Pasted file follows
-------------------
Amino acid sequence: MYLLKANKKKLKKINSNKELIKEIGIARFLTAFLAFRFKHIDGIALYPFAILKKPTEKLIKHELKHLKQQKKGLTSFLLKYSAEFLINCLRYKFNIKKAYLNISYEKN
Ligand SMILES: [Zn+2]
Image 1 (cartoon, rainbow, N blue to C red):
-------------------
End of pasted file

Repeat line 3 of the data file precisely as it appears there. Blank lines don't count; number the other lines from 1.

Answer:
Image 1 (cartoon, rainbow, N blue to C red):